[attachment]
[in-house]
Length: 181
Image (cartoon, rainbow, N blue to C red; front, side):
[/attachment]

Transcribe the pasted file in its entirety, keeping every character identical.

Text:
[in-house]
Length: 181
Image (cartoon, rainbow, N blue to C red; front, side):